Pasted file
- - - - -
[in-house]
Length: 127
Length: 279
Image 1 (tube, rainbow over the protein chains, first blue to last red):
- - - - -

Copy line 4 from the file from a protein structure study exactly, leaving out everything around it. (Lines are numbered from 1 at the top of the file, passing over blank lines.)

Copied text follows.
Image 1 (tube, rainbow over the protein chains, first blue to last red):